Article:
In 2014—following a thorough literature review—the US Surgeon General released a report that concluded smoking by cancer patients and survivors causes adverse outcomes, including increased overall mortality and cancer-related mortality, greater risk of a second primary cancer, and associations with substantially worse toxicity from cancer treatments. And according to a 2020 US Surgeon General’s report, smoking cessation after a cancer diagnosis is associated with improved survival, and quitting smoking provides significant benefits for non-cancer-related health outcomes.
However, according to IASLC, surveys of oncology providers have shown that while 80% to 90% of providers agree that smoking cessation should be a standard part of cancer care, less than half regularly offer their patients assistance with quitting. As a result, most patients do not receive evidence-based support to quit smoking.
“Many cancer patients who smoke at the time of diagnosis will either continue to smoke or relapse back to smoking during their cancer treatment,” said IASLC CEO Karen Kelly, MD. “There is a clear need to address tobacco use in cancer patients.”
Dr. Kelly said the diagnosis of cancer is a teachable moment when the importance of quitting smoking can be emphasized as being a key part of cancer care and patients can be engaged in shared decision-making. A greater effort needs to be made by cancer care providers to screen patients for their smoking status, to advise those who are current or recent users of tobacco of the health benefits of quitting, and to facilitate access to evidence-based resources to help patients quit.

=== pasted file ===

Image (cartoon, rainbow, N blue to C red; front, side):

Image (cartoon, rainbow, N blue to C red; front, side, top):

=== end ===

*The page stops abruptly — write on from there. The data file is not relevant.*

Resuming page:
There continues to be a significant need for research on optimal cancer treatment pathways in the context of smoking, to improve quit rates for individuals at all stages of their cancer journey and to understand the financial and societal effects of smoking on cancer care.
Recognizing the critical importance of smoking cessation after a cancer diagnosis, the IASLC issued a statement to recommend oncology providers implement the following:
- All cancer patients should be screened for tobacco use and advised on the harms of tobacco use and the benefits of tobacco cessation.
- All patients should have access to evidence-based tobacco cessation assistance consisting of counseling, pharmacotherapy, and follow-up, and access should be routinely incorporated into multidisciplinary cancer care for all cancer patients and their family members.
- Educational programs for health care providers involved in the care of cancer patients should include training on tobacco cessation, empathetic communication and the current best, evidence-based tobacco cessation services.
- Practice guidelines and care paths for all cancers should include smoking cessation as a component of quality cancer care.
- Evidence-based smoking cessation support should be reimbursed at a sustainable rate, or comprehensively provided as a core component of care of any clinical cancer treatment service.
- Smoking status should be a required data element in all prospective clinical studies and captured at patient registration and over the course of the clinical trial, in order to better understand the prognostic and predictive effects of tobacco use on cancer outcomes.
- Clinical trials of patients with cancer should also consider designs that could help determine the most effective tobacco cessation interventions.